Circuit-breaker lockdown after Christmas would be too late, expert warns
The most effective way to stop the spread of the Omicron variant of coronavirus would be to have a circuit-breaker lockdown before Christmas, a leading Government adviser has said.
Stephen Reicher, professor of social psychology at the University of St Andrews and member of the Scientific Advisory Group for Emergencies (Sage), said it was clear that Plan B measures alone would not be enough to stop the spiralling numbers of cases.
Prof Reicher, who was speaking to Times Radio in a personal capacity, said the time to act was now.
It comes amid reports officials have been drawing up draft plans for a two-week circuit-breaker lockdown after Christmas.
The Financial Times reported that Boris Johnson was presented with a number of options on Friday under a so-called Plan C, ranging from “mild guidance to nudge people, right through to lockdown”.
The newspaper quoted allies of the Prime Minister who claimed Mr Johnson still wanted to go down the guidance route, but that he also had to be realistic about the threat of Omicron.
Leaked minutes from Sage, seen by the BBC, said scientists had told ministers that tougher measures need to be brought in “very soon”.
The BBC reported the advisers had recommended moving to restrictions seen in step one and two of the easing of lockdown restrictions in the spring. This included a ban on indoor mixing and indoor hospitality.
They reportedly warned against delaying further interventions until 2022.
The Times reported that draft regulations were being prepared which could ban meeting others indoors except for work purposes and that pubs and restaurants would be limited to outdoor service only, for two weeks after Christmas.
On Saturday, Prof Reicher told Times Radio that “all the science suggests that (Plan B is) not going to be enough”.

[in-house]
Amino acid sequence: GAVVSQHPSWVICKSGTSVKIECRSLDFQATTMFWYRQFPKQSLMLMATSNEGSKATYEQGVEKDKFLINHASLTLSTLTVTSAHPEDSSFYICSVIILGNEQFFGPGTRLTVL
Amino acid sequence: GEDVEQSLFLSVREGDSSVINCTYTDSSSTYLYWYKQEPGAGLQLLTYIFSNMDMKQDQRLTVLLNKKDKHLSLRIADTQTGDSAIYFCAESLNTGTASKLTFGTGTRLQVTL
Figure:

He said: “The only way really, or at least the most effective way, we can have an immediate effect is to decrease the number of contacts we have.
“In many ways, the most effective way of diminishing contact is to have a circuit-breaker.
“Now, you could have it after Christmas, the problem is after Christmas it’s probably too late, it’s probably by then we will have had a huge surge of infections with all the impact upon society.
“When people say ‘look, we don’t want to close down’, of course, we don’t want to close down. But the problem is at the moment, things are closing down anyway, because of the spread of infection.
“So I think we need to act now.”
Lord Victor Adebowale, chairman of the NHS Confederation, voiced support for a circuit-breaker, warning that a cautionary approach should be taken.
He told Times Radio: “I would support the circuit-breaker. My members would support the circuit-breaker.
“We’ve been calling for Plan B for some time now and we’re glad that it was voted through. I think the Government has to be prepared to recall Parliament if further interventions are needed.”
He added: “The fact of the matter is we should be taking the precautionary principle. We should be protecting our NHS and our public services. We have no economy without health.”
The UK reported more than 90,000 new Covid cases in another record daily total on Friday.